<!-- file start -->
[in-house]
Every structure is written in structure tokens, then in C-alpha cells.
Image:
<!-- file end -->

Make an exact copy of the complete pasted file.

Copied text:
[in-house]
Every structure is written in structure tokens, then in C-alpha cells.
Image: